7 Tips to Create Work/Breastfeeding Balance

By Carole Arsenault

Returning to work after having a baby unfortunately makes it difficult for many moms to continue breastfeeding. While it’s absolutely a mother’s right to choose whether to breastfeed at all or to continue doing so by pumping during the work day, there are many ways our society and overall workplace culture can support moms so that the choice is, in fact, a choice.

Texas Tech recently unveiled a nursing room for mothers—a clean, private and comfortable place that enables women to fulfill a natural need. While this is a great step in the right direction for nursing moms, it’s far from the standard workplace environment.

Here are a few tips to help you create a good work/breastfeeding balance:

  1. Introduce a bottle several weeks before starting work. When you do head back to work, you want to make sure your baby will take breast milk from a bottle without any issues. Especially if you’ve not fed with a bottle before, be sure to pump and feed from a bottle a few weeks before (at least a bottle per day) so your baby can get used to it.
  2. Return to work mid-week if possible. This way you will only be away from your baby for three days initially, which will allow you to assess your supply level and how the pumping and bottle-feeding is working out. Then you can adjust your strategy accordingly for the following week.
  3. Communicate your needs. Approach human resources or your supervisor at work about your plans and your need to pump during the workday. Describe how you’ll ensure it will not interfere with work and that those “breaks” will be made up elsewhere (whether it’s staying a few minutes later, coming in earlier, or working a bit from home). Above all, though, know your rights—President Obama signed the Patient Protection and Affordable Care Act last year that allows you uncompensated time to express milk as needed for your child’s first year of life. Employers are also supposed to provide you with a space to pump (other than a bathroom), so don’t be afraid to ask about your options. For more breastfeeding rights, visit ncsl.org/default.aspx?tabid=14389.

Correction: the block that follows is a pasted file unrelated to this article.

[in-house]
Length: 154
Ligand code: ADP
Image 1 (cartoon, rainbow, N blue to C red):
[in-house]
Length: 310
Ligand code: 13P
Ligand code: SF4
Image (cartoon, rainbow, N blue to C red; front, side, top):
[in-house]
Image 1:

4. Organize your supplies. Every night, pack up your pumping supplies for the day—your pump with ALL accessories and tubing, empty clean bottles and caps, and a cooler bag with an ice pack for proper storage. It’s a good idea to have at least one extra set of bottles on hand. Frozen milk can be stored in plastic or glass containers, or freezer bags that are specifically designed for storing breast milk.
  5. Mark your breast milk. In order to keep track of what breast milk needs to be used first, you may want to stick labels with dates on the bottles in the refrigerator. Make sure you know how much milk is in each freezer bag. This will ensure no milk is wasted and your efforts at work are not in vain!
  6. Keep a pumping “emergency” kit in your car/desk. Having breast pads, extra shirt and bra, and pump accessories handy will help eliminate stress if for some reason you need them.
  7. Plan pumping sessions. If you work an eight-hour day, try to plan three 15-minute pump breaks. If you are away from your baby for more than 10 hours, try to add another short pumping session if you can. To maximize time and efficiency, use a double electric breast pump instead of a single pump or a hand pump. After your pumping session, seal the bottles and store them in your cooler carrier with an ice pack. When you get home, store the milk in 2- and 4-ounce containers in the refrigerator or freezer.
And remember, when you are home with your baby, keep him/her on the breast for all feedings—this helps ensure an adequate milk supply!

For over a decade Carole Kramer Arsenault, RN, author of The Baby Nurse Bible: Secrets Only a Baby Nurse Can Tell You about Having and Caring for Your Baby, has been helping new and expectant parents seamlessly transition from pregnancy and birth through baby’s first year. Her experience runs the gamut from labor and delivery nurse, parent educator, and lactation consultant at Boston’s top hospitals to founding Boston Baby Nurse and Boston Baby Concierge, where she and her top-notch team provide all aspects of newborn care and postpartum support, as well as baby planning services.